Research by the New England Journal of Medicine shows that when doctors consult with patients about the risk of keeping firearms in a home, it leads to significantly higher rates of handgun removal or safer storage. Yet the National Rifle Association has fought against such policies, backing the "Docs vs. Glocks" law passed in Florida in 2011, which prohibited doctors, even pediatricians, from asking patients about firearms in the home.
When a 2-year-old gets access to his dad’s loaded gun and shoots himself, or a 13-year-old gets hold of an unsecured rifle and blasts a 9-year-old in the face, or a 2-year-old is shot in the head before her father turns the gun on himself, or two young children shoot others and then kill themselves—when we have apparently become inured to the death of children at school, or we take as the new normal random killings in movie theaters, have we at last lost our ability to be outraged and insist that public policy respond to limit these horrendous events?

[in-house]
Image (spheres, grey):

Even as violent crime rates overall have declined steadily in recent years, rates of gun injury and death are climbing. In an editorial in Annals of Internal Medicine, a team of doctors wrote: "It does not matter whether we believe that guns kill people or that people kill people with guns—the result is the same: a public health crisis.”
Meanwhile, Congress, under the aggressive and well-funded lobbying influence of the NRA, refuses to allow funding for federal medical research to study firearm deaths and injuries as the public health issues they clearly are. According to Mother Jones, “Political forces effectively banned the Centers for Disease Control and other scientific agencies from funding research on gun-related injury and death. The ban worked: (There have been) no relevant studies published since 2005.”